The Federalist, August 4, 2014

As 2016 looms, the cadres of experts who would staff a Republican administration continue to wrestle with the lessons of recent history for our current foreign policy challenges. Dozens of articles labor to set the record straight, criticize the president, and offer advice for securing American national interests. This process is needed and important: achieving consensus about what foreign policies best protect liberty at home is no less crucial than settling on tax and regulatory reforms to promote prosperity within our borders...

For the entire article, see The Federalist

The Texas model works for jobs and business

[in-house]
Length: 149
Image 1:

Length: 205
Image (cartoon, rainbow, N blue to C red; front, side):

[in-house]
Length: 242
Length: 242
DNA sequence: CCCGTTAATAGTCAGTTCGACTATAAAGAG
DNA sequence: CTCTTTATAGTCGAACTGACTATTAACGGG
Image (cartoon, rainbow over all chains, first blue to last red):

By Chuck DeVore

(This letter to the editor appeared on September 27, 2013 in the Washington Post.)

Regarding Maryland Gov. Martin O’Malley’s Sept. 18 op-ed, “The secret of our success”:

Attacks on Texas aren’t really about Gov. Rick Perry’s job-hunting expeditions. Rather, such attacks are, as Mr. O’Malley suggested, proxies for the national debate on the efficacy of lean government vs. large government. So, given the stakes for Americans, is Maryland or Texas a better model to follow?

First, let’s be frank: Maryland is a federal colony. Its economy rises or falls with the federal behemoth in Washington. As a result, its example is utterly unrepeatable across the United States. From January 2007 to August 2013, Maryland lost 22,900 private-sector jobs but gained 33,500 government jobs, the vast majority being highly paid federal workers, for a net of 10,600 jobs. By comparison, Texas added 958,700 jobs, or 90 times more than Maryland.